As the Springs fire hopped past the Pacific Coast Highway on Friday and burned toward the Los Angeles County line, it also crept closer toward the naval base at Point Mugu.
A spokeswoman for the Naval Base Ventura County said some brush and wooden structures were burning Friday morning at a range on the far western point of the base. Ventura County fire officials said they were preparing to handle the flareup, which was in a marshy area.
The fire reached the swampy spot Thursday night, fire officials said, but mostly burned itself out.
"If it burns south from there, it hits ocean," said Bill Nash, a spokesman for the Ventura County Fire Department. "The only concern would be for burning farther into the base."
Firefighters focused their efforts Thursday night on protecting area homes and a $1-billion, Navy-operated communications center atop Laguna Peak on Thursday night, Ventura County fire spokeswoman Lori Ross said.
Flames burned all around the Laguna Communications Center, which overlooks the Oxnard Plain, but did not reach the facility, she said.
More than 1,000 firefighters were attacking the Springs fire, which has burned 10,000 acres and forced evacuations from Camarillo south of the 101 Freeway to the coast after it flared Wednesday morning. The cost of the firefight has reached $1.6 million, officials said, but was still growing.
The latest update from officials pegged the blaze at 10% contained. About 4,000 homes have been threatened, with 15 reportedly damaged. No injuries have been reported.
The Ventura County Air Pollution Control District issued an air quality advisory Friday warning the "smoke and ash from wildfires is considered to be unhealthy in and downwind of the wildfires." Residents in affected areas were advised to remain indoors as much as possible, keep windows and doors closed, and avoid "vigorous outdoor or indoor exertion."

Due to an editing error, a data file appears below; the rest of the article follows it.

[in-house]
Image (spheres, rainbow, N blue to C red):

Anyone seeking additional information about evacuations or road closures can call a Springs fire hotline at (805) 388-4276.
As the fire continued Friday, officials kept an eye on the weather forecast. On Thursday, single-digit humidity, temperatures in the high 90s and wind gusts of more than 40 mph fed the blaze as it ate up dry, decades-old brush.
Forecasters said the winds will not be as strong Friday, but other conditions are similar. The humidity near the fire has dropped from 58% to 28% in an hour and is expected to be under 10% in the next few hours, said National Weather Service meteorologist Curt Kaplan.
Temperatures will climb into the 90s while wind gusts of up to 30 mph will continue to feed the flames, he said.
An ocean breeze is expected to hit the face of the fire by afternoon.
Nash said Thursday that an inland breeze will either push the flames into themselves, aiding firefighters, or perhaps push the fire into unburned brush deeper in the mountains.
A Friday morning update at an incident command center warned that with high temperatures, high winds and low humidity, "There is potential for significant fire growth." The advisory said the fire was burning in steep terrain, and threatened transmission lines, agricultural areas and other structures along the Pacific Coast Highway.
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